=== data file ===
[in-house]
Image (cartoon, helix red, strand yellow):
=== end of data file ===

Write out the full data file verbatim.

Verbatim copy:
[in-house]
Image (cartoon, helix red, strand yellow):